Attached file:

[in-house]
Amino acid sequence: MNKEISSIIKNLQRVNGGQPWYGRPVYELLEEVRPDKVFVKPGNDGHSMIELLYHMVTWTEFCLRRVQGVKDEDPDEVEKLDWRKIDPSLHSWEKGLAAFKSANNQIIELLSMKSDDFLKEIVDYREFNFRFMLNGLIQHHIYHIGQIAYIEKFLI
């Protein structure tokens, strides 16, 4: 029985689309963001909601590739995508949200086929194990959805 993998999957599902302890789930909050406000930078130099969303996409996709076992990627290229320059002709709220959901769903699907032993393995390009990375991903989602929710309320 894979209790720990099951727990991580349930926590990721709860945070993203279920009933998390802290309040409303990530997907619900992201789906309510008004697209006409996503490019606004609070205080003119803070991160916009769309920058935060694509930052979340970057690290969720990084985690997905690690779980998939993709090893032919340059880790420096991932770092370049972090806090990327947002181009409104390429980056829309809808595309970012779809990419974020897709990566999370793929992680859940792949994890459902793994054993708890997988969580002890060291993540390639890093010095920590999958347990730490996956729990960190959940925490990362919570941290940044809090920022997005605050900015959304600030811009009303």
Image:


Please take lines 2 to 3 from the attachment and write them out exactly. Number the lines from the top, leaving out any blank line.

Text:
Amino acid sequence: MNKEISSIIKNLQRVNGGQPWYGRPVYELLEEVRPDKVFVKPGNDGHSMIELLYHMVTWTEFCLRRVQGVKDEDPDEVEKLDWRKIDPSLHSWEKGLAAFKSANNQIIELLSMKSDDFLKEIVDYREFNFRFMLNGLIQHHIYHIGQIAYIEKFLI
């Protein structure tokens, strides 16, 4: 029985689309963001909601590739995508949200086929194990959805 993998999957599902302890789930909050406000930078130099969303996409996709076992990627290229320059002709709220959901769903699907032993393995390009990375991903989602929710309320 894979209790720990099951727990991580349930926590990721709860945070993203279920009933998390802290309040409303990530997907619900992201789906309510008004697209006409996503490019606004609070205080003119803070991160916009769309920058935060694509930052979340970057690290969720990084985690997905690690779980998939993709090893032919340059880790420096991932770092370049972090806090990327947002181009409104390429980056829309809808595309970012779809990419974020897709990566999370793929992680859940792949994890459902793994054993708890997988969580002890060291993540390639890093010095920590999958347990730490996956729990960190959940925490990362919570941290940044809090920022997005605050900015959304600030811009009303």